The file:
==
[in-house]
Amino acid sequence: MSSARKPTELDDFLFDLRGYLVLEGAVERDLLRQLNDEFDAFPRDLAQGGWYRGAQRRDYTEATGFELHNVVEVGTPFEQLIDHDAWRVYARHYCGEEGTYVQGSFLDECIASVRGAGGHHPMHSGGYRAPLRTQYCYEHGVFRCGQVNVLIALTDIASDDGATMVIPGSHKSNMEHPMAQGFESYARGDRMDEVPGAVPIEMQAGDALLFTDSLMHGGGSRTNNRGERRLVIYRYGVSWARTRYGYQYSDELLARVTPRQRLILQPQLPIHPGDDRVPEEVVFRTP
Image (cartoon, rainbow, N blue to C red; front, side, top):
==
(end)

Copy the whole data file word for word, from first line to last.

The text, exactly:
[in-house]
Amino acid sequence: MSSARKPTELDDFLFDLRGYLVLEGAVERDLLRQLNDEFDAFPRDLAQGGWYRGAQRRDYTEATGFELHNVVEVGTPFEQLIDHDAWRVYARHYCGEEGTYVQGSFLDECIASVRGAGGHHPMHSGGYRAPLRTQYCYEHGVFRCGQVNVLIALTDIASDDGATMVIPGSHKSNMEHPMAQGFESYARGDRMDEVPGAVPIEMQAGDALLFTDSLMHGGGSRTNNRGERRLVIYRYGVSWARTRYGYQYSDELLARVTPRQRLILQPQLPIHPGDDRVPEEVVFRTP
Image (cartoon, rainbow, N blue to C red; front, side, top):